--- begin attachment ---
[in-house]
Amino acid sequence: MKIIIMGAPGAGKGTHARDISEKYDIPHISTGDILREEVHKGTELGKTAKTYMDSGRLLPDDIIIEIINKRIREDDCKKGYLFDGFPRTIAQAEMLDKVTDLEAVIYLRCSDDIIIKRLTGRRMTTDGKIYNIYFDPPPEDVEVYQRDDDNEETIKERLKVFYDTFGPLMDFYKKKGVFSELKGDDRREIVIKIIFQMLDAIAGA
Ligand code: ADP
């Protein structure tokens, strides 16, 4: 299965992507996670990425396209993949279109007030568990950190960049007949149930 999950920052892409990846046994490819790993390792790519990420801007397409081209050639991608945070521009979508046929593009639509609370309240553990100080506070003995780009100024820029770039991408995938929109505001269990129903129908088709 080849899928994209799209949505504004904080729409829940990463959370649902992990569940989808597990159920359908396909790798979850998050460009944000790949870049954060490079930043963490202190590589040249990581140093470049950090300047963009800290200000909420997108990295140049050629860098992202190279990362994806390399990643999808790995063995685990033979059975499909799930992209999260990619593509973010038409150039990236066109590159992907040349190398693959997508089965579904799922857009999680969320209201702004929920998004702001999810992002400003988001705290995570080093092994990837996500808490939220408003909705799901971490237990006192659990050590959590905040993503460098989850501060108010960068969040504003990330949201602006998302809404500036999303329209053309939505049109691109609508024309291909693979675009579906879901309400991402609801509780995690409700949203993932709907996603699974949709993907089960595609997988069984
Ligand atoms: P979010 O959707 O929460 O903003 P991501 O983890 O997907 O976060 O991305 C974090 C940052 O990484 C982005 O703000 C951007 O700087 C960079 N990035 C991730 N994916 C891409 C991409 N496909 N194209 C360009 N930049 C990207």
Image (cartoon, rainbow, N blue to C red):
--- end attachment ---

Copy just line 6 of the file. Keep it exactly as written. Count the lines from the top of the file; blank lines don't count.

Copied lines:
Image (cartoon, rainbow, N blue to C red):